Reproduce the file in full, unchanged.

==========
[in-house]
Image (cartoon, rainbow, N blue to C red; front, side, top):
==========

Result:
[in-house]
Image (cartoon, rainbow, N blue to C red; front, side, top):